The number of small charities that disappear from the register of charities has dramatically increased in the past three years, Third Sector has discovered.
A request to the Charity Commission under the Freedom of Information Act revealed that almost 1,000 more charities in England and Wales with annual incomes of less than £1.5m left the register in 2018 than did so in 2016.
The Small Charities Coalition said economic uncertainty could be forcing smaller organisations to close.
The figures from the regulator showed that, in 2016, 3,856 charities with incomes of less than £1.5m left the register, while 4,069 left in 2017 and 4,783 left in 2018 – an increase of more than 24 per cent over the three-year period.
Angela Style, interim chief executive of the SCC, told Third Sector: "It's not surprising that there is an increase in the number of small charities that are struggling to survive in 2019."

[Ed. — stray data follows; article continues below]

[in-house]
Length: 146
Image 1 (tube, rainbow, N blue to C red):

But she added: "We also know it's a particularly turbulent economic period for small charities, which are predominantly volunteer-led and largely dependent on individual donors."
Style said small charities were vital to communities across the country and beyond. "We think it's important that the public, funders and the wider sector continue to recognise both their social and economic value," she said.
David Holdsworth, deputy chief executive and registrar of the Charity Commission, said the increased number disappearing from the register had been due in part to a proactive effort by the regulator to remove charities that no longer appeared to be in operation in 2018, although this included charities for which no incomes had been declared and did not account for all the removed charities.